Well, here’s something new—politicians are taking blogs seriously! The Washington Post’s Howard Kurtz dropped this juicy little tidbit in his column this morning. Tell me if this sounds familiar:

The mushrooming number of political blogs on newspaper and magazine Web sites has altered the terrain of the 2008 election. Campaign officials have learned to feed the bottomless pit of these constantly updated compilations, leaking favorable tidbits — a new poll result or television ad — and quickly disputing negative items.

In short, journalists and political strategists find themselves sparring more and more over smaller and smaller items on shorter and shorter deadlines.

Granted, Kurtz is obviously talking here about blogs that run on newspaper and magazine Web sites, a phenomena that wasn’t fully mature during the 2004 election cycle, but really, take out the words “newspaper” and “magazine” in his first sentence, and what you get looks awfully close to one of those standard 2004-vintage “Blogs are making a difference” stories.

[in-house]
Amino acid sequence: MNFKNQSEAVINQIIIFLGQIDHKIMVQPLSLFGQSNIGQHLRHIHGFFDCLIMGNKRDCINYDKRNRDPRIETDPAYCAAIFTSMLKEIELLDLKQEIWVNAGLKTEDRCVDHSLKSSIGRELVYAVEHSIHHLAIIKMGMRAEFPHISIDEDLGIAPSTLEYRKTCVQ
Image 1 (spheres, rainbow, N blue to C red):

Yes, politicians are taking blogs seriously—but, it seems, mostly if those blogs are affiliated with well-known print publications. Here’s an interesting question to consider: Yearly Kos aside—which drew all of the major Democratic candidates this past August—are we seeing hints of a MSM/independent hierarchy developing in the political blogosphere?

As Kurtz tells it, the various presidential campaigns seem much more comfortable complaining to — and reaching out to — bloggers at mainstream publications than they ever have with the independents out there in the larger blogosphere. This makes sense, as in many cases these bloggers are familiar faces to the campaigns, known entities who have worked elections past — political reporters for the affiliated print publications (The Des Moines Register’s David Yespsen, Time’s Karen Tumulty and Joe Klein.) Moreover, these familiar faces come with massive readerships (and journalistic rules to guide them). With bloggers like that to leak information and opposition research to, why would candidates take a chance on someone they don’t know? This isn’t to say that non-MSM-affiliated blogs aren’t going to play a role in campaigns present and future, they certainly are. But it’s worth noting that old print media types are getting into the blog game in a big way, and they’re bringing along their rolodexes.

Paul McLeary is senior editor of Defense Technology International magazine, and is a former CJR staffer.